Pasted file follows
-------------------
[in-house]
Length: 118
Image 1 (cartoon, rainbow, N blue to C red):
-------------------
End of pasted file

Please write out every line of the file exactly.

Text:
[in-house]
Length: 118
Image 1 (cartoon, rainbow, N blue to C red):